Operating an Agile Channel Management model is essential in today’s business climate for any company with a partner-led GTM strategy. This includes:
Software, hardware, and/or services vendors
Distributors and others that rely on a one or two-tier channel
Any company in the process of building out a new platform-based ecosystem – such as GE or other industrial players trying to create an industry platform.
Why is this critical?
In today’s market, companies must continually innovate and innovation requires companies to be agile in every way – to be the first company to delight the customer, to adjust quickly to new competition or market forces, and to have a team that can continuously learn and succeed through collaboration. Agile, regardless of domain, is about 4 core principles – moving Fast, Adapting rapidly to new situations, focusing on the Customer, and acting collaboratively as a Team. Our acronym for this (just to get on the acronym creation bandwagon) is F.A.C.T. – Fast, Adaptive, Customer-centric, Team-based.
If you are slow to innovate, not tracking customer feedback, not responding to change and not working together, you lose.
Please re-read the sentence above. For those of us who have worked in channel management and have partner-led GTMs, we just described the common challenges of managing a partner network.
Does this mean that channels are doomed to fail? Should companies minimize dependency on partners because of the difficulties of managing complex partner relationships in an agile way, and just go direct to the customer? The answer is yes and no….
The YES part is simple:
If agility is all about delighting customers, you had better know what delight means for the END customer.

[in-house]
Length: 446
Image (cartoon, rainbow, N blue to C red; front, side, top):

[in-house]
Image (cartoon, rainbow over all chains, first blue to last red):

Even though your GTM may be partner-led, it had better be supremely guided by a deep and resonant understanding of the end customer. After all, innovation is about finding unmet needs, so you’re going to need to really know the customer to do that. And this means having a direct feedback loop for customer information, behavior, and need.
The NO part of the answer is that if you can figure out how to address the F.A.C.T. imperative, the channel can be competitive advantage in your GTM.
We think the solution to this riddle is to conduct what we call a Through Partner Customer Cluster Analysis. This involves gaining a holistic (often ethnographic) understanding of the partner’s behavior, motivations, and business model in regards to a given customer segment. Think of this as a persona for the partner and their relationship to the customer. The work identifies fundamental profitable and sustainable ways the partner can join you in creating customer value driven by customer needs. The output helps determine what elements of the partner GTM need support and how to do that in a win/win with the partner and the customer.
Before beginning this journey it is important to land the idea of a Cluster formed by the combination of the partner’s business model and the particular end user segment. Companies thinking myopically about GTM often focus only on their own relationship with the partner and the end customer, without considering that there is a whole lot more going on between the partner and the customer. This includes other products, people issues, data issues, process issues, business and operating model considerations, and etc.
The Cluster Analysis is intended to gain insight into the partner’s entire end-to-end value prop and offering, and the underlying partner/customer met and unmet needs. The figure below illustrates where the traditional vendor/partner/customer approach focuses, vs. our proposed, end-to-end agile approach.
The analysis often leads to the conclusion that partner engagement should be broader than just the traditional GTM elements of selling and supporting a product. An example output are the partner business model transformation initiatives that vendors like Microsoft, Cisco, VMWare, SAP and others developed to help transform partner businesses to support cloud GTMs. Transformation services are not going to sell the vendors’ cloud offerings but they may be a necessary (unmet need) to prepare the partner to drive a cloud-first business model. Many other examples outside of enablement are relevant, in areas such as demand generation, solution assembly, and customer success management.
The effort does require some time invested during the research and solution development stage of partner program development, but the result is a partner network that is willing and able to move more quickly both in the short and long term. It also creates partners who will truly collaborate with you on design and execution.
The end result is an Agile Channel that can achieve faster, more sustainable and more profitable growth.